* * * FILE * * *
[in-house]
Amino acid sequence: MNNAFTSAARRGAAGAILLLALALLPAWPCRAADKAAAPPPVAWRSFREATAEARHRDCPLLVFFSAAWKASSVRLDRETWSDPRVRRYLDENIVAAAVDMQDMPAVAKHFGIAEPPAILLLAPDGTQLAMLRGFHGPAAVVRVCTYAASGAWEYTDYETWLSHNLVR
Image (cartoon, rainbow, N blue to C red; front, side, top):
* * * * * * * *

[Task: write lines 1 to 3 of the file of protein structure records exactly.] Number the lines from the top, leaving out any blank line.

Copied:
[in-house]
Amino acid sequence: MNNAFTSAARRGAAGAILLLALALLPAWPCRAADKAAAPPPVAWRSFREATAEARHRDCPLLVFFSAAWKASSVRLDRETWSDPRVRRYLDENIVAAAVDMQDMPAVAKHFGIAEPPAILLLAPDGTQLAMLRGFHGPAAVVRVCTYAASGAWEYTDYETWLSHNLVR
Image (cartoon, rainbow, N blue to C red; front, side, top):